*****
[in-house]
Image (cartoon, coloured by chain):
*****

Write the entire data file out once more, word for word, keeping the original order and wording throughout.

[in-house]
Image (cartoon, coloured by chain):